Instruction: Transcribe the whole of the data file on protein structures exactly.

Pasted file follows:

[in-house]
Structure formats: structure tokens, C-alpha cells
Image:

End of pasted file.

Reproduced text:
[in-house]
Structure formats: structure tokens, C-alpha cells
Image: